Having a baby is a life-changing experience in many ways. And although it is a joyful time, it can also be an extremely stressful time. Here are 10 ways to handle the stress of a new baby.
Take Care of Yourself
Eat a healthy diet, drink plenty of water and get fresh air every day. Do something for yourself every day, even if it’s something as simple as relaxing over a cup of tea for a few minutes or chatting with your best friend.
Establish Visiting Rules
Friends and relatives will most certainly want to visit your newborn. Rather than let them drop in whenever they are in the neighborhood, let them know which days and hours work best and how much time you have for a visit. When really close friends visit, use the time to get some much needed rest while they care for the baby.
Rotate Night Duty
Instead of rotating shifts during the night, rotate the nights of the work. That way one parent is always getting a good night’s sleep rather than both of you being sleep deprived every day of the week.
Resist the urge to compare your baby to anyone else’s. Each child grows and learns at a different rate and in different ways.
Maintain an Exercise Routine
You might need to think outside the box, but it’s important to maintain your physical fitness. Plus exercise can boost your energy level. Try taking walks with your baby or invest in a jogging stroller. Many gyms and community centers offer Mommy and Me swim or yoga classes or offer childcare while you work out. Alternately, you can spread workouts throughout the day, doing 10 minutes of a workout three times a day.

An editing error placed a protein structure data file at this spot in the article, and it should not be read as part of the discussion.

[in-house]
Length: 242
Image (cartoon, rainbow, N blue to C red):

Make sure you allocate plenty of time each day for nursing sessions, putting your baby down for a nap, feeding and easing crying spells. Keep scheduled activities to a minimum. When you leave the house head out, give yourself extra time to pack your baby’s supplies and change his or her diaper.
Nurture Other Relationships
Certainly your newborn needs a lot of your love, attention, and time but you also need to make sure your relationships with others do not suffer. If you have other children, set aside one-on-one time with each of them. Schedule date nights at least every other week with your partner—and talk about things other than the baby. Take the time to meet a friend for lunch or a movie.
Take Up Offers for Help
When friends and relatives offer to help, let them do it. Ask them to help you with laundry, run a few errands or make a meal—whatever you need most at the moment.
Let it Go, Guilt-free
If someting isn’t critical for your family’s health, welfare or safety, most likely you can let it go if you need to. Chores like dishes and laundry don’t need to be done every day. Let non-critical things slide when you need a nap or your partner needs your attention.
Join a Mother’s Group
Not only will joining the group give you a much-needed break during the week, it can be a source of good ideas and new friendships. You can find a group through your pediatrician or hospital.